From The September 2000 Issue of Nutrition Science News
by Lise N. Alschuler, N.D.
Could the fruit of a plant many consider a weed ease the symptoms of a painful condition that affects so many older men? Native Americans have used saw palmetto (Serenoa repens, S. serrulata and Sabal serrulatum) berries for hundreds of years as a nutritive tonic and a reproductive strengthener. They also used the herb to flush kidney stones, increase male fertility and treat breast disorders, urinary tract irritations and weakened urine flow. While many of these historical applications have yet to be studied, saw palmetto is touted today for its ability to reduce symptoms of benign prostatic hyperplasia (BPH).
BPH, characterized by a slow, continual enlargement of the prostate gland, affects nearly all older men, although not all display symptoms. Close to 90 percent of men older than 85 have microscopic evidence of BPH, but only half of them will have clinical prostate enlargement. As the prostate enlarges, it compresses the urethra, the duct through which urine flows from the kidney. This compression may obstruct urine flow, causing weakened urination, urinary frequency (especially at night), urine retention, pain and possibly kidney damage.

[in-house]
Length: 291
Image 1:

The factors causing the prostate to enlarge are not fully understood. A leading theory involves the levels and activity of activated testosterone and/or dihydrotestosterone (DHT) in the prostate. The enzyme 5a-reductase converts testosterone to DHT. A pharmaceutical, finasteride, treats BPH by blocking this enzymatic reaction and lowering the amount of DHT in the prostate, which decreases prostate cell division and overgrowth of the gland. In vitro evidence shows saw palmetto extracts also inhibit 5a-reductase activity, though its action is about 60 times weaker than that of finasteride. [1-3]
In an effort to more reasonably explain how saw palmetto reduces symptoms, other mechanisms of action also have been proposed.
It appears saw palmetto extracts inhibit DHT from binding to cellular receptors, which would be another way to decrease DHT's ability to make prostate cells grow. Such an effect has been demonstrated through in vitro experiments. 
This is a benefit beyond finasteride, which only has been shown to block 5a-reductase activity and thus lower the conversion of testosterone to DHT.